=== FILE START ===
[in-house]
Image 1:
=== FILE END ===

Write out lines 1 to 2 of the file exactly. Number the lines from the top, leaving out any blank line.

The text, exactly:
[in-house]
Image 1: